Edinburgh News: music
John Whitener's pre-concert talk in the Upper Circle Bar was full of cheer and joy and when he demonstrated on the tuba his audience was delighted.
The musicians in the Scottish Chamber Orchestra displayed their talented versatility at last night’s concert.
In earlier days the Brussels Philharmonic, founded in 1935, was known as the BRT Philharmonic Orchestra and then as the Flemish Radio Orchestra.
As the picture shows there was a full audience on Sunday evening at Greyfriars Kirk - cheek-by-jowl with the Edinburgh Pro Musica Orchestra.
To open the concert, the distinguished Scottish composer Kenneth Dempster conducted the forty strong Edinburgh Napier Chamber Orchestra in the bright and cheerful overture to Idomeneo, Mozart's first
Handel's Messiah, written in 1741 (in only three and half weeks) is one of the most popular choral works ever to be performed.
In what can be known as Music Director's Pride, his Principal string players with Aleksei Kiseliov in front came on stage in front of Peter Oundjian.
They called it Postcard from Paris.
Several hundred enthusiasts were in the stalls an hour before the concert started to hear the conversation between Donald Runnicles and James Naughtie. We learned a little, but not a lot.
The first four minutes set us in the mood for some fine Russian music with the seldom heard March from Rachmaninov's Cinq Études-tableaux.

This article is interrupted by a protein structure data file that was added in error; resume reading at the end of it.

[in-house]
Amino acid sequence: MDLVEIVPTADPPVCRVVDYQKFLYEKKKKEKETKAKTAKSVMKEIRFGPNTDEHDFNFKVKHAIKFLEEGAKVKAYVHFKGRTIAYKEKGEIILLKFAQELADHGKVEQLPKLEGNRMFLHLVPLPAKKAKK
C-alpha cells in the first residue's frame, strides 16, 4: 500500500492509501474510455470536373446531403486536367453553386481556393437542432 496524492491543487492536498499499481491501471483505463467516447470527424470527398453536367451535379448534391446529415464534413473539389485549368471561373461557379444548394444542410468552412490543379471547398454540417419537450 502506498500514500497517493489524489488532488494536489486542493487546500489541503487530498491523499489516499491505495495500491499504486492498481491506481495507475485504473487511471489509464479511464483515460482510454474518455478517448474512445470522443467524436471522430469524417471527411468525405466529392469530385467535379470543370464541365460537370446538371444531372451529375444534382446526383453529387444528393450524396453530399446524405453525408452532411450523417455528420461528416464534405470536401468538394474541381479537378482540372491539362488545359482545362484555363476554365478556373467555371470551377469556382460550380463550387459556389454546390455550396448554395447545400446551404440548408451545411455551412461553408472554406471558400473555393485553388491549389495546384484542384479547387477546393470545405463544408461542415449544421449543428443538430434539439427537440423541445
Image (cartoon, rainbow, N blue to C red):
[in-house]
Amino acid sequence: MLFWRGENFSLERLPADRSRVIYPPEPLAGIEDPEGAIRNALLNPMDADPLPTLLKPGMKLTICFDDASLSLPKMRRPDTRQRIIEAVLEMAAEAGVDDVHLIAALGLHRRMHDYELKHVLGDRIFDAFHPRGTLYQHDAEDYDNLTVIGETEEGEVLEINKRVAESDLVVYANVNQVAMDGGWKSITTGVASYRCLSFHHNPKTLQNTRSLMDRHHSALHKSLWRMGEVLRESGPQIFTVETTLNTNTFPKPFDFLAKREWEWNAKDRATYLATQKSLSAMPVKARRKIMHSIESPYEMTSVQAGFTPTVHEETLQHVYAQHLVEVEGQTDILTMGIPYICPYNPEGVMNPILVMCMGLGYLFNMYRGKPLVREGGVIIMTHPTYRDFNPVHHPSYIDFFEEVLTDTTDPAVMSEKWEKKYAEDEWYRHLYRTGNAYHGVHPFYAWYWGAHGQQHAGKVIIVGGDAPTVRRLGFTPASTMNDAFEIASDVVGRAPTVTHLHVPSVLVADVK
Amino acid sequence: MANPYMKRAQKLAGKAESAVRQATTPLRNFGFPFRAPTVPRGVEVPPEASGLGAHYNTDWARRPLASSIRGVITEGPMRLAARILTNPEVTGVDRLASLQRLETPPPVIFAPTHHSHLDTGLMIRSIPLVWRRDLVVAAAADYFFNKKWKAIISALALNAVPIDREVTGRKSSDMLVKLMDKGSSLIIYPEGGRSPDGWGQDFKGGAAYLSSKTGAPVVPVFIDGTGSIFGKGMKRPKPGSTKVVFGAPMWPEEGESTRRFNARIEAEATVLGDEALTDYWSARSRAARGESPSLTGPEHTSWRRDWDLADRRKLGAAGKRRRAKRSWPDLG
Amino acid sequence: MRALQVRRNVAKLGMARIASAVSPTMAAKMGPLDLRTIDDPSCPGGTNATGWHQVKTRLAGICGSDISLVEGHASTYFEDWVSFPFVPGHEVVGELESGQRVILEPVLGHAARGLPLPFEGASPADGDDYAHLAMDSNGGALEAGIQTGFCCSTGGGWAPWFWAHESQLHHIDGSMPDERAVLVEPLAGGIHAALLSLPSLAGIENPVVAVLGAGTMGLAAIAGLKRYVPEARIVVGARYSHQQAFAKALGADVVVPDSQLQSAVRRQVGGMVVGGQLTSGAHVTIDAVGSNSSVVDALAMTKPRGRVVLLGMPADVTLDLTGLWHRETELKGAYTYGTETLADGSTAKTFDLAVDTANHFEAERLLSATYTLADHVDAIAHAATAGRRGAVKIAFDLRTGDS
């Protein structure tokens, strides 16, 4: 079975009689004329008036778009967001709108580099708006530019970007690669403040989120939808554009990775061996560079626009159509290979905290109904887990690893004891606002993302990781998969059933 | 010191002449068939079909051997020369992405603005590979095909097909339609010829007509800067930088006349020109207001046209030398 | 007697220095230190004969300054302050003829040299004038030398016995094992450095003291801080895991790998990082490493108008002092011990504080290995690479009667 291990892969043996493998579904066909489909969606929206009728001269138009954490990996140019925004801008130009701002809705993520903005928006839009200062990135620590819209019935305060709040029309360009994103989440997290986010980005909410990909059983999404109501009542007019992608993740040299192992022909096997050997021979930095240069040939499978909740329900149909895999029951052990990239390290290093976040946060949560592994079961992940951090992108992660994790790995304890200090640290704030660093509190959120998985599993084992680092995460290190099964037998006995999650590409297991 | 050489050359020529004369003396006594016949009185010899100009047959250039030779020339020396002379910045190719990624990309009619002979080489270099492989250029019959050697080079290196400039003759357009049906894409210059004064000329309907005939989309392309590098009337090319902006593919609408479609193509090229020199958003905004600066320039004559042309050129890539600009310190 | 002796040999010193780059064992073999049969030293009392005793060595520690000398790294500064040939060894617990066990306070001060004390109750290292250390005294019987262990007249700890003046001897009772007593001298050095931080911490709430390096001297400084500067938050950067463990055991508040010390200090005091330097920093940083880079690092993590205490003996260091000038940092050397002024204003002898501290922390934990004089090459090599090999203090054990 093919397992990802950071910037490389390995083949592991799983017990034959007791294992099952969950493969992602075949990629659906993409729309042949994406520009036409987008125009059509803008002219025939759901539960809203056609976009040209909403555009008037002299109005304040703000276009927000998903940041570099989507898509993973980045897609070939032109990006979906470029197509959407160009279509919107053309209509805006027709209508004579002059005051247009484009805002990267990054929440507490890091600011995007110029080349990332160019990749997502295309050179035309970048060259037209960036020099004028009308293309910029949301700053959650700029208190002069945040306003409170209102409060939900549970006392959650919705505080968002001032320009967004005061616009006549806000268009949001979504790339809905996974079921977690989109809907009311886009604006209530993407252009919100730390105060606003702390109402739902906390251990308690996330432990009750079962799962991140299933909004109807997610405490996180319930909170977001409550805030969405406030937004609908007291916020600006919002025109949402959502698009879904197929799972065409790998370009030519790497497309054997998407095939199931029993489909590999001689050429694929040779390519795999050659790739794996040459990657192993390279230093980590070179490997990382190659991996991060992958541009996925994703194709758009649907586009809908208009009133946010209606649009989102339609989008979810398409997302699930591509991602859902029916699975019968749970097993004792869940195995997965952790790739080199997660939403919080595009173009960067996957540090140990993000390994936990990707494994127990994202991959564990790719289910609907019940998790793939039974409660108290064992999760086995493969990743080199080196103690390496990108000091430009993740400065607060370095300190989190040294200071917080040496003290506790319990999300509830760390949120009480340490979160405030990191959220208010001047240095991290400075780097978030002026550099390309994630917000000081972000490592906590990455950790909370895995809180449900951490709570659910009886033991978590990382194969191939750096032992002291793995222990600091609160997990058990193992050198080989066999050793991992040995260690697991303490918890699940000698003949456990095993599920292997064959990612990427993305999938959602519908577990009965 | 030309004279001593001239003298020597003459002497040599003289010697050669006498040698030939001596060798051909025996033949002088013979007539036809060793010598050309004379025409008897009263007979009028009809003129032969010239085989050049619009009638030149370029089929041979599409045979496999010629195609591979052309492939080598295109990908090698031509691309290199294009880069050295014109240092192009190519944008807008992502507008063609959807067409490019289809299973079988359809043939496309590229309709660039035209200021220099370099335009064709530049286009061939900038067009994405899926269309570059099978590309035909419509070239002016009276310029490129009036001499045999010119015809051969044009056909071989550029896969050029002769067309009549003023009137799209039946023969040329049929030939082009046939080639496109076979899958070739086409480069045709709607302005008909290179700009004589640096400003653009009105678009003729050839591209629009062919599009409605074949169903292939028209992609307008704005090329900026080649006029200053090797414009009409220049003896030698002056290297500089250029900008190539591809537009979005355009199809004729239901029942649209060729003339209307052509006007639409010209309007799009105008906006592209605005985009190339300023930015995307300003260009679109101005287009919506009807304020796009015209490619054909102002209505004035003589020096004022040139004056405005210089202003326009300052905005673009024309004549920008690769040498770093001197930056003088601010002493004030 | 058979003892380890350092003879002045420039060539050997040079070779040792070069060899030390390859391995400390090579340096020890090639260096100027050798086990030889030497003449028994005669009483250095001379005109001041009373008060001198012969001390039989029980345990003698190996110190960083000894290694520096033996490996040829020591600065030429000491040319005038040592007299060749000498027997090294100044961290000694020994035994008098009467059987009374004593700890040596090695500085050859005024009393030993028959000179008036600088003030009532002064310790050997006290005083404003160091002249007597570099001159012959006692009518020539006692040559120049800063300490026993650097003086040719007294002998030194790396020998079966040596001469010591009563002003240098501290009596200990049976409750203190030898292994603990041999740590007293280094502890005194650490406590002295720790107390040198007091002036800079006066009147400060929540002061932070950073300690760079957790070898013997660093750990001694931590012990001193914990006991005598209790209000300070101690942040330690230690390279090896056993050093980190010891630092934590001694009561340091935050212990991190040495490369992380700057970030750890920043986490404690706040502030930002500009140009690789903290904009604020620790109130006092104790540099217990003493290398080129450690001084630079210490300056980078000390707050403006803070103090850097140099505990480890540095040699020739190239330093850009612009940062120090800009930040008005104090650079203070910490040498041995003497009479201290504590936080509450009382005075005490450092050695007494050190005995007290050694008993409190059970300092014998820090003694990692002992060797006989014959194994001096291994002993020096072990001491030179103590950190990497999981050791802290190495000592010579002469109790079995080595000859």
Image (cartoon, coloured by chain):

There are many versions of the comedy we know as Cinderella but all relate to the unwanted daughter who finds her way to the heart of a prince much to the annoyance of her family.
A concert devoted to Remembrancetide and the outbreak of the Great War could well have been a sad and sorrowful event.
Nordic Fiddlers Bloc embrace the traditions of Shetland, Norway and Denmark, in addition to music furth of these northern locations.
John Kitchen told us that the lunchtime recital was titled 'To absent friends: Music for Remembrance in the week of the Festival of Storytelling and Remembrance' because All Soul's Day was just past a
If the overture or the first work played in a concert sets the scene then Liadov's short Kikimora gave us a slow and sombre beginning - enough to remind us that we were hearing Russia's longest establ
Mr. Cannon’s passion for all things historical is infectious, as he makes real the sort of magical history lesson you thought was only possible in your dreams.
I am having a weird altered states flashback to an evening in Sativa circa 1995. My states altered purely by the conflict between nostalgia and the aged reality both within and around me.
The programme spanned centuries and began with ‘Solfeggio’, an a cappella composition for a choir written in 1963 by the Estonian composer Arvo Part.
Known for their love of shoes together with the hairs of a stringed instrument's bow, Alice Rickards and Sonia Cromarty are High Heels and Horse Hair.
It may seem incredible that a 1930s musical showing the farcical shenanigans of the privileged few is still popular in the 21st century but when it arrives with the sumptuousness of this classy produc